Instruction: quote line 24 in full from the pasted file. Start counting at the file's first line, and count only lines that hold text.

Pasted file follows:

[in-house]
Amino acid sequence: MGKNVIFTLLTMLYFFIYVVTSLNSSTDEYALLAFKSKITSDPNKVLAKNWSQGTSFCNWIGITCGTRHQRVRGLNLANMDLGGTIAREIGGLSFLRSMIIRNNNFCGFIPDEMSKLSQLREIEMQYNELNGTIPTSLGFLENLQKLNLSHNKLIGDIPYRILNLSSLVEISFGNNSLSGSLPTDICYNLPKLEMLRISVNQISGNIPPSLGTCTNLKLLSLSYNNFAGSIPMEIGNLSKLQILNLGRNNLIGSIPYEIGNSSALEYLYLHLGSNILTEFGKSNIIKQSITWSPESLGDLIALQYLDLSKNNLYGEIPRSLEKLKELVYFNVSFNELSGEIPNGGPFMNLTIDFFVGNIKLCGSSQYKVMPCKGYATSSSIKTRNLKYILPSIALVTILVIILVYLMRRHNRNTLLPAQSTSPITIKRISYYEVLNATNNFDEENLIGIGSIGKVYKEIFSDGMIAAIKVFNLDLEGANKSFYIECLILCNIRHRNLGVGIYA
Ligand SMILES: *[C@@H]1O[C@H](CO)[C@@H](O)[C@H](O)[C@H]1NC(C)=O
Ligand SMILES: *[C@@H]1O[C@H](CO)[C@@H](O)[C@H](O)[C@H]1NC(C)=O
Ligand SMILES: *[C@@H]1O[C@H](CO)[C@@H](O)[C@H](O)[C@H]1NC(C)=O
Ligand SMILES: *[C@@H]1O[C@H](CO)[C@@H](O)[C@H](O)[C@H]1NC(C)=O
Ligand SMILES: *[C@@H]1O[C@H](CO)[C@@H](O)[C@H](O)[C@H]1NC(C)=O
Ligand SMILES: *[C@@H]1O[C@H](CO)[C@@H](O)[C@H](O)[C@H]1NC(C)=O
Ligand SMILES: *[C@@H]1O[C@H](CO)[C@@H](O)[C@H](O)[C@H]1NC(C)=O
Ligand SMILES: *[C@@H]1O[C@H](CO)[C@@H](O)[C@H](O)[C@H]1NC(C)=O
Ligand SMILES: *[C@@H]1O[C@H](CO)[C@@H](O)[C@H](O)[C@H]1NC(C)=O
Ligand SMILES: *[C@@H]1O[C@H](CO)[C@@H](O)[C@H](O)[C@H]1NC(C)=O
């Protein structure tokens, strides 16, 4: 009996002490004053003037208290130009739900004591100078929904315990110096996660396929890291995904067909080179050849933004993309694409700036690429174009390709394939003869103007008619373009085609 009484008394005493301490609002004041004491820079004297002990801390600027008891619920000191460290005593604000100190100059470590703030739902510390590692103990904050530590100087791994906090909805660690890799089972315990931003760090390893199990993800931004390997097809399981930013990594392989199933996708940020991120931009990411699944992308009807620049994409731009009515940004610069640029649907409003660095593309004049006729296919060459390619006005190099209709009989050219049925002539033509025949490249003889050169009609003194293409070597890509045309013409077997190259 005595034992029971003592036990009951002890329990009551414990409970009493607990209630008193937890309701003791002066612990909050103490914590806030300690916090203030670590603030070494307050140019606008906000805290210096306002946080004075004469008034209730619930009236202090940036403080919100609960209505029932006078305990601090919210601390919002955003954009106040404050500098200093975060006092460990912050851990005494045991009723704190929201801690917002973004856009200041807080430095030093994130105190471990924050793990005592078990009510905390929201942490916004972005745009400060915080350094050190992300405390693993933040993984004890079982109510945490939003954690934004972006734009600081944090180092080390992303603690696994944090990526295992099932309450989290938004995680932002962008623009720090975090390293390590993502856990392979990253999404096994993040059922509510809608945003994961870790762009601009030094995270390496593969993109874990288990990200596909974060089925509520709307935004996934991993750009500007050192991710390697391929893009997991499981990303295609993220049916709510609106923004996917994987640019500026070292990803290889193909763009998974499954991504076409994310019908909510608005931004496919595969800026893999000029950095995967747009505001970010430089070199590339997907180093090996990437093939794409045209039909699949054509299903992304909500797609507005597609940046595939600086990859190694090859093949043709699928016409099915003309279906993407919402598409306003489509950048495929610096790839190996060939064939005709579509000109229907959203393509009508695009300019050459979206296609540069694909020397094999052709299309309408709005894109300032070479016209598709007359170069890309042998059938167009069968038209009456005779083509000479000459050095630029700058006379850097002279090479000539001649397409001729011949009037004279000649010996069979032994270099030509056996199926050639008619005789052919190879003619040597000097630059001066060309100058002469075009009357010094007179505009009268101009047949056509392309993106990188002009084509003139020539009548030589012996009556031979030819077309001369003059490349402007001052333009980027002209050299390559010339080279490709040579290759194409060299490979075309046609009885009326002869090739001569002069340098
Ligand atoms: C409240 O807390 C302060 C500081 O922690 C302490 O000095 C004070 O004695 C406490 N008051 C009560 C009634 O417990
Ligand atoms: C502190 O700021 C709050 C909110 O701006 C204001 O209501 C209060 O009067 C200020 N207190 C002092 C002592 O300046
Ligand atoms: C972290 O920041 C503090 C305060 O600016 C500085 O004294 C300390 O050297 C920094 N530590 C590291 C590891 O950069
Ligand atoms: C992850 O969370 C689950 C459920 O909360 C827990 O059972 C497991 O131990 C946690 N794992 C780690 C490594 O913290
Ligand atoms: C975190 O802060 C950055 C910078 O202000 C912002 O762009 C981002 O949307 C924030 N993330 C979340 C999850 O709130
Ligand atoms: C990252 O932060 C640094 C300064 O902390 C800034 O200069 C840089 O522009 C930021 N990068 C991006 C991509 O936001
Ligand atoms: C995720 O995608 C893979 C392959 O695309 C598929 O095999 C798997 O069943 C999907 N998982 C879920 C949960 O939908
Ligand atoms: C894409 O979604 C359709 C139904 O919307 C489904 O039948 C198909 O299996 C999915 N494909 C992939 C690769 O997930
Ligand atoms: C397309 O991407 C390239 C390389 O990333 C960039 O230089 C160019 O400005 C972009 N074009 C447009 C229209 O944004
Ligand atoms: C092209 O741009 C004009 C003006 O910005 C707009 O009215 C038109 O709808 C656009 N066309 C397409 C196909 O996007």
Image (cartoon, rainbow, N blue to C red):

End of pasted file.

Image (cartoon, rainbow, N blue to C red):